When state governments favor in-state businesses over more affordable out-of-state businesses, taxpayers are forced to pay more for government projects. So-called “preference policies” give politicians a politically valuable opportunity to buy goods from, and support employment for, a narrow set of producers within their state, but these policies increase the cost of government. This increase in the cost of government requires extra dollars from taxpayers, taking resources that could be put toward other uses.
Preference policies artificially lower the cost estimates provided by in-state producers when they bid for government contracts. They typically work by reducing the cost of in-state bids by a certain percentage. These percentage discounts on each bid make in-state firms artificially attractive, relative to out-of-state bidders, since out-of-state bidders are excluded from the discount. This gives policymakers an incentive to buy from more expensive, in-state producers, but it leaves taxpayers on the hook to pay the full cost of an artificially cheap bid.
We set out to quantify the cost of these preference policies to taxpayers. We began by categorizing the policies of states into three different categories based on the extent to which they favored in-state businesses through the year 2006 (the most recent data available). States that favored in-state firms for all goods purchased were categorized as having broad preference policies, whereas states that favored in-state firms on only a few goods were categorized as having weak preference policies. States that did not favor any in-state firms were categorized as having no preference policy.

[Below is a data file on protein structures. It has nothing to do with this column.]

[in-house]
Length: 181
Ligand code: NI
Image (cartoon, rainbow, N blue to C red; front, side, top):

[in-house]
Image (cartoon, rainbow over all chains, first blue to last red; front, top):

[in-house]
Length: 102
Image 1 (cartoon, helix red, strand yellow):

The most significant increase in costs occurs in states with broad preference policies. In 2006, the average state spent roughly $401 per person on capital expenditures. In states with broad preference policies, capital expenditures like the materials used to build roads or public schools were 39 percent above the average capital expenditures of all states combined, or an additional $158 per capita. Broad preference policies were also associated with an additional $148 in per capita construction expenditures, increasing construction expenditures 44 percent above the average construction expenditures of all states, from $336 to $484 per capita.
Preference policies translate into hundreds of millions in additional spending for states that favor in-state producers. For the median state in 2006, with a population of 4.2 million, broad preference policies were associated with an additional $664 million in capital expenditures and an additional $622 million in construction costs.
States looking for ways to save taxpayers millions of dollars should consider doing away with preference policies.